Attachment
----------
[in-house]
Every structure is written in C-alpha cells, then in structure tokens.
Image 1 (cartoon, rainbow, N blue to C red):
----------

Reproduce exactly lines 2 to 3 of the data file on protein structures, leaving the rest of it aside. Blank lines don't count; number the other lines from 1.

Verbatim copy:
Every structure is written in C-alpha cells, then in structure tokens.
Image 1 (cartoon, rainbow, N blue to C red):